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Atheist 1, Rabbi 0


You have to give credit to Paula Kirby, identified on the Washington Post "On Faith" page as a "consultant to secular organizations." She's got a lot clearer grasp of what's at stake in the evolution debate than does a rabbi and UCLA professor, David Wolpe, who writes on the same page and is identified as having been "named the No.1 Pulpit Rabbi in America by Newsweek magazine."

The consultant and the rabbi are commenting in the context of Rick Perry's recent statement on evolution (which John West reflected on earlier). Ms. Kirby considers herself an ex-Christian. She doesn't define evolution -- frustratingly, these folks almost never do -- but never mind that. One can hardly disagree with her when she puts it this way, speaking of herself before converting from Christian to Darwinist.

I had only the vaguest possible idea of how evolution works and certainly didn't know enough about it to realize that unguided-ness is central to it. While I welcome anyone who recognizes that the evidence for evolution is such that it cannot sensibly be denied, to attempt to co-opt evolution as part of a divine plan simply does not work, and suggests a highly superficial understanding of the subject. Not only does evolution not need to be guided in any way, but any conscious, sentient guide would have to be a monster of the most sadistic type: for evolution is not pretty, is not gentle, is not kind, is not compassionate, is not loving. Evolution is blind, and brutal, and callous. It is not an aspiration or a blueprint to live up to (we have to create those for ourselves): it is simply what happens, the blind, inexorable forces of nature at work. An omnipotent deity who chose evolution by natural selection as the means by which to bring about the array of living creatures that populate the Earth today would be many things - but loving would not be one of them. Nor perfect. Nor compassionate. Nor merciful.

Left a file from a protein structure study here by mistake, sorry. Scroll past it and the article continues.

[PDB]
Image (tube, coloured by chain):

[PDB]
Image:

That's straight talk, given the premise of Darwinian theory. She clearly has our fuzzy-headed theistic evolutionary friends in mind.

On the other hand, Rabbi Wolpe seems to think his religion can accommodate any scientific conception of the world:

Evolution is inconsistent with religion only if you believe that religion must be based on antiquated, disproven ideas. But if you believe, as the Talmud puts it, that "God's seal is truth" then faith has nothing to fear from what is true. Science describes the mechanism by which God created and creates the natural world.
He observes:
That a majority of Americans do not "accept" [evolution] is not a reflection of national character. It is an intellectual mudslide of gargantuan proportions.
The body of ever-shifting thought that goes by the name "science" at any given moment in history has said many things down the ages, true and false. That Judaism (or Christianity) is compatible with all them must follow from Wolpe's view, since there's nothing special about our scientific culture today that makes its statements trustworthy to us without further reflection in a way that science should not have been trustworthy to people of the past. But this makes Wolpe's religion unfalsifiable and therefore, by Jewish standards as the Talmud defines them in its consideration of legal testimony, unworthy of consideration.

As the Talmud and common sense agree, if a witness's testimony cannot even in principle be knocked down, then that testimony has to be dismissed.

In scoring this dispute between atheist and rabbi, I give the point to the atheist.